7
$\begingroup$

Let $ K $ be a field. Let $ K^n $ be an $ n $ dimensional vector space over $ K $. Let $ KP^{n-1} $ be the projective space of lines in $ K^n $. Let $ GL(n,K) $ be the group of invertible $ n \times n $ matrices over $ K $. What is the smallest subgroup of $ GL(n,K) $ that acts transitively on $ KP^{n-1} $?

Context: When $ K=\mathbb{C} $ then I think the smallest subgroup of $ GL(n,\mathbb{C}) $ acting transitively on $ \mathbb{C}P^{n-1} $ is $ SU(n) $. When $ K=\mathbb{R} $ then I think the smallest subgroup of $ GL(n,\mathbb{R}) $ acting transitively on $ \mathbb{R}P^{n-1} $ is $ SO(n) $. I was wondering if this is true and also what the corresponding group is for other choices of $ K $.

$\endgroup$
5
  • $\begingroup$ In the second case you probably mean "$K=\mathbb R$"? $\endgroup$ Feb 20 at 23:17
  • $\begingroup$ @red_trumpet yes fixed! $\endgroup$ Feb 20 at 23:18
  • 2
    $\begingroup$ If $n$ is even, then $\operatorname{SU}\left(\frac n2\right) < \operatorname{SO}(n)$ acts transitively on $\Bbb R P^{n - 1}$, and if $n \equiv 0 \pmod 4$, then $\operatorname{Sp}\left(\frac n4\right) < \operatorname{SO}(n)$ acts transitively on $\Bbb R P^{n - 1}$. For $n = 7$, $\operatorname{G}_2 < \operatorname{SO}(7)$ (dimension $14$) acts transitively on $\Bbb R P^6$. See Borel's classification of Lie groups acting transitively on spheres. $\endgroup$ Feb 20 at 23:37
  • $\begingroup$ Oh that's very interesting so $ S^7 $ has a transitive action by $ SO(8) $ of dim $ 28 $ and $ SU(4) $ of dim $ 15 $ and $ Sp(2) $ of dim $ 10 $ and is even an H space in a natural way by identifying it with the unit octonions which have dimension $ 7 $ (although they are not a group because they lack associativity) $\endgroup$ Feb 20 at 23:54
  • $\begingroup$ Yes, and $S^7$ also admits a transitive action by $\operatorname{Spin}(7)$ (dimension $21$); that phenomenon is special to that dimension for reasons connected to triality. en.wikipedia.org/wiki/Triality $\endgroup$ Feb 21 at 1:47

2 Answers 2

6
$\begingroup$

Over finite fields you get much more. For example (images of) the Singer cycle (and overgroups). As a somewhat random example, there are (up to conjugacy) 7 minimal transitive subgroups of $PGL(4,3)$, one of which is the image of a Singer cycle of order $40$ and the others up to order $360$.

$\endgroup$
4
$\begingroup$

For $K = \Bbb R$ it follows from Montgomery & Samelson, "Transformation Groups of Spheres" that one can do better than $\operatorname{SO}(n)$ when $n \equiv 0 \pmod 2$ (and $n > 2$) or $n = 7$.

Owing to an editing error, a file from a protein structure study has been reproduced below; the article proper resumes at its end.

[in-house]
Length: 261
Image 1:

• If $n \equiv 0 \pmod 2$ and $n > 2$, $\operatorname{SU}\left(\frac n2\right)$, which has dimension $\frac{1}{4} n^2 - 1$, acts transitively on $\Bbb R P^{n - 1}$.

  • If $n \equiv 0 \pmod 4$, $\operatorname{Sp}\left(\frac n4\right)$, which has dimension $\frac18 n (n + 2)$, acts transitively on $\Bbb R P^{n - 1}$.

    • In the special case $n = 16$, $\operatorname{Spin}(9)$, which has the same dimension ($36$) as $\operatorname{Sp}(4)$, also acts transitively on $\Bbb R P^{15}$.
    • In the special case $n = 8$, $\operatorname{Spin}(7)$, which has dimension $21$, acts transitively on $\Bbb R P^7$; it is smaller than $\operatorname{SO}(8)$ (dimension $28$) but it's still larger than $\operatorname{Sp}(2)$ (dimension $10$).
  • If $n = 7$, $\operatorname{G}_2$, which has dimension $14$, acts transitively on $\Bbb R P^6$.

Montgomery, Deane, and Hans Samelson. "Transformation Groups of Spheres." Annals of Mathematics, vol. 44, no. 3, 1943, pp. 454–70. JSTOR, https://doi.org/10.2307/1968975.

$\endgroup$
2
  • $\begingroup$ Maybe also worth mentioning are the nonminimal groups $\operatorname{Sp}\left(\frac n4\right) \cdot \operatorname{Sp}(1)$, of dimension $\frac18 n (n + 2) + 3$, which respectively act transitively on $\Bbb R P^{n - 1}$, $n \equiv 0 \pmod 4$. $\endgroup$ Feb 21 at 2:03
  • $\begingroup$ Interestingly, the sequence $a_n := \operatorname{min}\{\dim G \mid \textrm{$G$ acts transitively on $\Bbb S^{n - 1}$}\}$, $0,1,3,3,10,8,14,10,36,24,\ldots$, does not appear in the OEIS. $\endgroup$ Feb 21 at 16:29

You must log in to answer this question.

Not the answer you're looking for? Browse other questions tagged .